RMTC: First of three ‘tactical research studies’ published

Posted: Oct. 26, 2018

The first of three Racing Medication and Testing Consortium tactical research studies—detecting, identifying and inhibiting use of illicit substances—conducted over the last year was published Oct. 16, the organization said in a release.

The study, “L-and D-threo Ethylphenidate Concentrations, Pharmacokinetics and Pharmacodynamics in Horses,” was published in the October 2018 issue of Drug Testing Analysis and funded with significant assistance from the American Quarter Horse Association Foundation. It was performed by Dr. Heather Knych at the University of California-Davis K.L. Maddy Equine Analytical Chemistry Laboratory with the goal of preventing the use of the psychostimulant ethylphenidate in racehorses.

“I join the American Quarter Horse Association in thanking the RMTC for facilitating the recently-completed research involving detection of ethylphenidate in racehorses,” said Dr. Glenn Blodgett, AQHA Past President and RMTC board member. “This study came about because AQHA identified abuse of this drug and the RMTC was capable of conducting tactical research of the drug in a timely manner.”

Two other RMTC tactical research studies have recently received funding from The Jockey Club.

“Selective Androgen Receptor Modulator LGD-4033 in the Horse” was designed for the identification and detection of the SARM LGD-4033 in horse urine, blood and hair. SARMs are anabolic steroid-like substances that have no therapeutic use in the racing horse; they are generally administered to improve performance and affect the outcome of a race.

“Improved Detection of Erythropoiesis-Stimulating Agents” has focused on screening methodology for blood-doping in the horse. Currently, there is a very limited window of time for detecting the administration of EPO-stimulating agents. The project will allow more sensitive screening, with a goal of increasing the ability of laboratories to detect the substances tenfold.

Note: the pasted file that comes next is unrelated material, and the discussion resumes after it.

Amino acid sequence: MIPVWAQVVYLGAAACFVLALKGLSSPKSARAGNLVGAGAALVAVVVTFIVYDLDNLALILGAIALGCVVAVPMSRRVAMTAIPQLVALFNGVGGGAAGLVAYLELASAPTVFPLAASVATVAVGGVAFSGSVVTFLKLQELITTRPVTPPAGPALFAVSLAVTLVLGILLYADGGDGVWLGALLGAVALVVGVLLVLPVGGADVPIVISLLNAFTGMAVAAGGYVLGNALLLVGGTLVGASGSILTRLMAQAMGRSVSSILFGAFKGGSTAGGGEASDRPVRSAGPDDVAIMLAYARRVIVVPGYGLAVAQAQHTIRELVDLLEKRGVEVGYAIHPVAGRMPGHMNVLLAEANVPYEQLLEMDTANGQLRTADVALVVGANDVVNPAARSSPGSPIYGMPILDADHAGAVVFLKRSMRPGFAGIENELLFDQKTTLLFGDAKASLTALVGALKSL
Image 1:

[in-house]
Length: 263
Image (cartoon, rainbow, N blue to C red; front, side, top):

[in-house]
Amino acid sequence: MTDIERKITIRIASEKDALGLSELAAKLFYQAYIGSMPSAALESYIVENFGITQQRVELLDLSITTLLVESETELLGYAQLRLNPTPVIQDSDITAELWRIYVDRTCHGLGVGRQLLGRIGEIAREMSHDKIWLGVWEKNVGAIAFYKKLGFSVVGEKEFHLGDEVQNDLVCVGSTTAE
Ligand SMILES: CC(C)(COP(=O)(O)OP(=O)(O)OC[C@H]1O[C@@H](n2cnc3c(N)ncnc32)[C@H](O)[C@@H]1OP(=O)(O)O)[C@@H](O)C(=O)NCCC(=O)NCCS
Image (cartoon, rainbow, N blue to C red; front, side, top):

“Substances that have no therapeutic use in Thoroughbred racehorses are a real and immediate threat to our sport,” said Jim Gagliano, President and Chief Operating Officer of The Jockey Club. “The Jockey Club is proud to support research funded by the RMTC’s Tactical Research Grant Program to help detect such substances.”

The RMTC Scientific Advisory Committee recently distributed a request for next research proposals to veterinary schools around the world. Areas of special interest for future studies include bisphosphonates in horses in racing and training; performance-enhancing or performance-modifying substances; and emerging substances with potential health, welfare and integrity hazards.

“These studies are critical to protecting the integrity of our sport and the welfare of our athletes,” said Dr. Dionne Benson, RMTC Executive Director and COO. “We thank the AQHA and The Jockey Club for their unyielding commitment to supporting research that helps protect our equine and human athletes and advance substance regulation in horse racing. Without the assistance of the RMTC’s donors, these important studies would not be possible. I encourage other industry groups and individuals to join in this important effort by contributing to the RMTC.”